I finally got to sit down and finish watching Duncan Jones's Mute on Netflix, and am still struck by what a beautiful and sometimes horrifying film it was. That's not to say it was bad; far from it, really.
Since it was announced as a thing, I've been really looking forward to seeing what the Moon director had up his sleeves. I'll admit it: I'm one of the few who actually enjoyed Warcraft, because it made me want to go right back to Azeroth and play from the beginning. You could tell Duncan loves his genre films greatly, and does his best to convey that love through his filmmaking.
Things you need to know though before seeing Mute, as I haven't seen anyone discuss or warn viewers yet- there are scenes depicting a man preying on young girls (like, illegally and disturbingly young girls), and he also makes jokes that allude to his tastes throughout the film. If you have any triggers for such things, you probably want to skip with movie, as you will more than likely have issues.
With that said, the film is tragically beautiful. I was completely transfixed by the imagery of a dirty and futuristic city; it's impossible to not draw Blade Runner parallels with the obvious nod to the color palette of neons. The lens flares that accompany the flying cars as they land also, totally in reverence to a spinner. The music is a HUGE part of the film too, bringing the tonality to the surface of the story within the first three minutes.
I'll give you a basic overview, but no true spoilers because you'll want to experience the reveals on your own. The story unfolds like your normal gumshoe tale, with perhaps a little more heart involved.
The story is different enough to not feel repeated, at least at the beginning. A young Amish boy, Leo, is injured in a boat accident and has lost the ability to speak. His mother refuses to allow the doctors to operate on him, her steadfast aversion to technology preventing his voice from being repaired.
30 years later, Leo is all grown up and living in Berlin while working as a bartender in a nightclub with robot strippers. Alexander Skarsgard really shines in this role, both on his own and in scenes shared with blue-haired Naadirah (Seyneb Saleh) and the young Josie (Mia-Sophie Bastin). His rage is clearly visible when it needs to be, heartache and pain bubbling to the surface during some pretty harsh moments.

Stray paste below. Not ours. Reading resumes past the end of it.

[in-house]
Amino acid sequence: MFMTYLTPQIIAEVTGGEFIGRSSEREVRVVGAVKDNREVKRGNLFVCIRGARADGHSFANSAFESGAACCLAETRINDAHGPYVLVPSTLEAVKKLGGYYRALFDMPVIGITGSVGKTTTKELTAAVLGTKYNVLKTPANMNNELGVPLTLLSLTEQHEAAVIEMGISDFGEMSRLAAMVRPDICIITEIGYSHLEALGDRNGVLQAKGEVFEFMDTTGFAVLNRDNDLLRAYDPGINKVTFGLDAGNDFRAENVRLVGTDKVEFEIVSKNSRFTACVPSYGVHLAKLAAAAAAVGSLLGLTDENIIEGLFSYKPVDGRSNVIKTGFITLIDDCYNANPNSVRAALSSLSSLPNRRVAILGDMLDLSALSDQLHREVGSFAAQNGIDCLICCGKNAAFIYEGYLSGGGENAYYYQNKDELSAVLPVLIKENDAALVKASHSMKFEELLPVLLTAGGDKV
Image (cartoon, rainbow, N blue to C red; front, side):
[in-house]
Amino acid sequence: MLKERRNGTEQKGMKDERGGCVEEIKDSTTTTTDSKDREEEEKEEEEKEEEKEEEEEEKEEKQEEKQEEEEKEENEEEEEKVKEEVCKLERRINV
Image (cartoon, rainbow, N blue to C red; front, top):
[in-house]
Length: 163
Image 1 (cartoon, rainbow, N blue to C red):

Paul Rudd) is a twilight zone version of BJ Honeycutt and a bit Trapper John from M.A.S.H. (— a mob surgeon trying to do right by his daughter, right down to the martini and surgical scrubs, also smoking the occasional cigar. He's joined in the makeshift operating theater by his best friend Duck (Justin Theroux), who calls Bill 'babe' and has certain… proclivities.
My personal favorite thing (blink and you'll miss it) is the callback to Jones's INCREDIBLE film Moon. Duncan had said in the weeks leading up to the release of Mute that it was the 'spiritual sequel' to Moon, and I totally get that. There is a scene where Leo is sitting in a cafe, and a TV trial is playing on a set above his head. A former Lunar employee (Sam Rockwell) is suing the company for something having to do with clones, and there are little nods to this ongoing thing throughout Mute.
Does it stand on its own as an entry into the sci-fi noir genre? I feel it does, with some nods to the classics that came before it, but Mute is also its own thing. I wasn't prepared for the flash during the credits of thank yous to his father David Jones (aka DAVID BOWIE) and Duncan's childhood nanny Marion Skene, both of whom have passed away.
Watch Mute on Netflix now.